London Market System of Communication Waives Attorney Client Privilege
Insurance brokers, by definition, are people who transact insurance with but not on behalf of the insurer. As such the broker’s duty is to the person insured and not to the insurer with whom the broker places insurance.
When I still practiced law I represented many Underwriters at Lloyd’s and insurers doing business in the London insurance market. Because of how insurance was placed with multiple different underwriters and insurance companies by London brokers the insurers wanted me, as their lawyer, to communicate via the brokers who would convey the communications to the various insurers who made up the totality of insurers insuring the risk. I balked because the broker was the agent of the insured with whom my clients, the insurers, disputed coverage. Therefore, I eventually convinced the insurers I represented to let me communicate directly to the leading underwriter (the one in charge of the claim because it had the largest interest in the risk) who would then make certain that the following insurers what they needed to know.
In Certain Underwriters at Lloyd’s, et al v. National Railroad Passenger Corporation — F.Supp.3d —- United States District Court, E.D. New York,2016 WL 739061 (February 19, 2016) the District Court was faced with a motion to compel production of documents and communications from counsel to the London Market insurers because the privilege was waived by using London Brokers who placed the insurance to convey reports from counsel.
Currently pending before the Court are cross-motions to compel discovery. One of the many discovery disputes at issue is whether attorney-client communications listed on certain insurers’ privilege logs are protected from disclosure even though, due to the unique structure of the London insurance market, those communications were shared with third parties.
Plaintiffs in this action are insurers who “did business in the London Insurance Market and who issued or participated in—that is, subscribed to an agreed percentage share of the risk of—” one or more liability insurance policies issued to Amtrak during the period beginning on or about June 1, 1972 and ending in 1986 (the “Policies”).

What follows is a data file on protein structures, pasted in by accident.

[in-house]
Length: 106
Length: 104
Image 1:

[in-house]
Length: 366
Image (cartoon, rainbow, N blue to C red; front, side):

The London Insurance Market
Before addressing the privilege dispute before the Court, it is helpful to provide background on how the London insurance market operated during the relevant time period. The insurers submitted the declaration of Martin Watson, who claims to have knowledge on the customs and practices of the London insurance market from the 1980s through the present day, based on his experience in that market. According to Watson, a policy for a major corporation like Amtrak would involve “insurance placed in layers, each policy attaching at the exhaustion point of the underlying policy.” Thus, “[a]n insurer might participate in multiple layers at different percentage shares, or might participate on only on [sic] one.” “A single policy might have anywhere from one or two insurers or dozens of insurers.” As such, each policy typically had “one or two ‘lead’ insurers, whose underwriters negotiated policy terms and conditions[.]”
To place its insurance in the London market, Amtrak, through its North American-based insurance broker, engaged two London brokers—Sedgwick and C.E. Heath (“Heath”). The London broker would take Amtrak’s insurance order and walk around to the various syndicates and companies in the London insurance market to “fill up” the policy.
The London brokers did not, however, take action only on behalf of Amtrak. As Watson explains: “With so many insurers, each with its own claims personnel, a system of communication grew up in the pre-computer age that enabled the market to handle claims promptly and efficiently. This system utilized the London broker, which had negotiated with each insurer and maintained the records of each insurer’s participation on each policy, to serve as a conduit for information among the insurers.”
Important to the instant dispute, this “London broker” message delivery system also applied to communications between the insurers and their attorneys.
Amtrak’s Motion to Compel